Emerging research suggests that these competencies—also known as social and emotional learning (SEL) skills—are, in fact, teachable. In Gaming SEL: Games as Transformational to Social and Emotional Learning, Matthew Farber investigates the rich opportunities games have in supporting SEL skill development. Experts from the fields of education, game development, and SEL—including folks from CASEL, the Fred Rogers Center, Greater Good in Education, iThrive Games, Minecraft Education, and UNESCO MGIEP—share advice.
Games themselves cannot be responsible for children’s learning. Having a supportive educator or caregiver guiding experiences can be crucial. This book also includes recommendations for embedding games in classrooms in ways that support meaningful SEL skill development. Regardless of your experience, content area, or grade level, this book is for you!
Assessing Models in the Study Abroad Context
In the field of language education, intercultural communicative competence has become a widely used concept. But what is intercultural communicative competence? Although the term is often understood as universally applicable, it comes with manifold nuances. The ambiguity ranges from underlying definitions to corresponding competences, forms of assessment and their operationalisation. Furthermore, an empirical foundation for models of intercultural competence is scarce.
This book presents the findings of a qualitative research study on the views of language students, and critically analyses the speculative components of intercultural communicative competence regarding their feasibility in the study abroad context. It is argued that the notion represents a contingent and hegemonial interpretive scheme (Deutungsmuster), a floating signifier, which needs to be amended for particular circumstances. The critical reflection on intercultural competence in the light of real-life examples may serve as an incentive for an alternative approach to intercultural competence in foreign language teaching and contribute valuable information to the preparation of training sessions before a stay abroad.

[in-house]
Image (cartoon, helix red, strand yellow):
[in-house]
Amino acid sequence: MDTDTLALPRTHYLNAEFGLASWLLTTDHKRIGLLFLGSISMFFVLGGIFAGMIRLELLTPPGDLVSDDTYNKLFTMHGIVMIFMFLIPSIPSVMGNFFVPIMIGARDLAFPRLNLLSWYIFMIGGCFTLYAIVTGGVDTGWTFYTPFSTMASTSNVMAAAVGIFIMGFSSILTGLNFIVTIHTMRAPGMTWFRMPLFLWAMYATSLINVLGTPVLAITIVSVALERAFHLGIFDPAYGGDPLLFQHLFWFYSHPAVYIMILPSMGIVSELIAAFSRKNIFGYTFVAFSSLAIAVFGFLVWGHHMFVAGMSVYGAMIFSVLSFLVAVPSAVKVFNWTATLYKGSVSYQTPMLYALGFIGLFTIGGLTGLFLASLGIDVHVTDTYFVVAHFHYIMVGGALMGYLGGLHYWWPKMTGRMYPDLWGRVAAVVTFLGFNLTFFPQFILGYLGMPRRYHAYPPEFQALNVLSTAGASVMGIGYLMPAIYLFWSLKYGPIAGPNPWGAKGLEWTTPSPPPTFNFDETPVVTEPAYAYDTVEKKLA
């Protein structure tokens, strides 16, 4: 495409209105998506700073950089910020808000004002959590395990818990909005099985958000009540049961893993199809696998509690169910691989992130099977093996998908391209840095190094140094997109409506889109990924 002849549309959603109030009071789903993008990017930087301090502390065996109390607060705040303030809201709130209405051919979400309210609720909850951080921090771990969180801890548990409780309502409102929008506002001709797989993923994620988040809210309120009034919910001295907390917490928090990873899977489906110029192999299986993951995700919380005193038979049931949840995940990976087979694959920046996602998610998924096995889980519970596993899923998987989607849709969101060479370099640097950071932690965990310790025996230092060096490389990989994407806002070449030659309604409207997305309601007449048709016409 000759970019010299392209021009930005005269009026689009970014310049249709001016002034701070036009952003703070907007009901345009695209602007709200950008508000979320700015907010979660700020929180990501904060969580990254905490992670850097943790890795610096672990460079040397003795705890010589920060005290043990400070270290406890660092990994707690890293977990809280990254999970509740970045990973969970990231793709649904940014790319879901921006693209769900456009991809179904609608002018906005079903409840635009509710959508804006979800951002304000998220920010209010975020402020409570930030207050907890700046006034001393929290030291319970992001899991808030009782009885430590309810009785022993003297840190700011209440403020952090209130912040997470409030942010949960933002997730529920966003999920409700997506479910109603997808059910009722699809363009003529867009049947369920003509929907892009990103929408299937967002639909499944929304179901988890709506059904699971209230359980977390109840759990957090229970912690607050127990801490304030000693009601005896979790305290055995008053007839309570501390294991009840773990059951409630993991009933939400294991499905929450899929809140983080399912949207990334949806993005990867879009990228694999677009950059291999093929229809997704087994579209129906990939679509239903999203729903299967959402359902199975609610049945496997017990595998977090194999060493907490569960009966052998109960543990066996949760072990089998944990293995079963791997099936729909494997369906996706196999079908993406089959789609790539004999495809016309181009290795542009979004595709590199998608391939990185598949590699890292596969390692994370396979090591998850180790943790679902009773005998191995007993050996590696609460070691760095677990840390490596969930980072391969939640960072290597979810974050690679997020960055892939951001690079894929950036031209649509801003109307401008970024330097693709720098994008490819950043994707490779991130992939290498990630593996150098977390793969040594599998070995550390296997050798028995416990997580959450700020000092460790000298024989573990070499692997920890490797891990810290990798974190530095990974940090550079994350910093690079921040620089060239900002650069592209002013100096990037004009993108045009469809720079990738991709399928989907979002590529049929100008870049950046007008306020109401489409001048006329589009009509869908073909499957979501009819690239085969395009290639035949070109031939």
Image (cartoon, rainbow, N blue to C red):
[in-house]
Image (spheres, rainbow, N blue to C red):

Stories from the Field
Edited by David J. Connor and Beth A. Ferri
Echoes of Gunfire
Edward Mooney, Jr.
Imagine the hours and weeks after you've witnessed a school shooting. You run the emotional gamut between disorientation and severe anxiety. When you return to the classroom, you're unsure how to cope. Your classroom used to be a safe space; is it still? In this book, the experience of two teachers before, during and after they witnessed school shootings are analyzed to determine the effects of these incidents on their lives. In one case, a teacher who observed a shooting of one student by another, struggled with severe Post-Traumatic Stress Disorder. Her issues, along with actions by school administration, led to her psychological disability. In the second case, at a different school, another teacher watched a gunman randomly firing at students; he was able to continue teaching. A comparison helps to understand the psychological and organizational factors that affect educators who witnessed a school shooting.
This book would be critical in courses training school administrators, and for those teaching graduate research courses. In addition, this would be useful for mental health professionals and emergency responders seeking to get a glimpse into what teachers who witness school shootings are going through.